Photo from - Donna Fisher / The Morning Call
“Ashokan Farewell,” is an instrumental that makes Scottish music universal. How anyone with a heart can’t make a connection to some poignant time in their lives by listening to a melody like this is beyond me. This is a moving melody that could have been dropped into the classic film Gone With the Wind, and it would have been ideal.
“The Ballad of Tim Evans” is vigorous -- the kind of song that would inspire a young Bob Dylan back in the '60s. It's a murder ballad with machine gun fire fiddles that even Charlie Daniels would be proud of. This tune summons memories of Sandy Denny and Fairport Convention for me. Because our recording technology has improved since the early '70s, the fiddles are crisp, the bass bottomless. The guitar weaves like a snake and it’s a shot of whiskey in your ears. Vocals unfold the tale clearly and every word is understood. Nothing awkward here.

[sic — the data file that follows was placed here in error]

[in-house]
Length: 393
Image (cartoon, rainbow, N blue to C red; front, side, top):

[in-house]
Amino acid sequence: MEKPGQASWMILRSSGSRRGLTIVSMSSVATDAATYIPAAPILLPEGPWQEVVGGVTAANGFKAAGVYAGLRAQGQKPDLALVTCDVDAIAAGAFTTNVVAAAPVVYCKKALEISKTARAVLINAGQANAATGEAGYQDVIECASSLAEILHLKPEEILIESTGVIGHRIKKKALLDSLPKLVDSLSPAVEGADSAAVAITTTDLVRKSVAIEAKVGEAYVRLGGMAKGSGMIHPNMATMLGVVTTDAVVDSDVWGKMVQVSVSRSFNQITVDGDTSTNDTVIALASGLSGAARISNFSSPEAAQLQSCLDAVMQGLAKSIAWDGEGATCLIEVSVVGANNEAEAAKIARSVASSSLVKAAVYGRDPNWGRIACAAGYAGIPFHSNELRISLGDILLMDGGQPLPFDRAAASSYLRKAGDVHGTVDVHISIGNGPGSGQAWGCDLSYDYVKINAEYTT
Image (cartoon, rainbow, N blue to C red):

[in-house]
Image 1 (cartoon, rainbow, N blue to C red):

The tune “Stor Mo Chroi: Darling of My Heart” is going to be one of those melodies that some of us will say: “I have heard this one before somewhere else, with a different title and lyric.” That may be so. It’s like Simon and Garfunkel’s “Rosemary and Thyme” – a melody that is definitely not Paul Simon’s but old English traditional. Same can be said for Bob Dylan’s “Girl from the North Country,” which is definitely not a Dylan original. This melody will ring true as something familiar. But, where it comes from is something one must figure for themselves. These are melodies in the public domain now -- hundreds of years old and no one really knows who may have written the original. So, it’s complimentary thievery. They're so good, we continue to reinvent them every 100 years for new ears, young minds. They are also melodies that never date. They're young forever.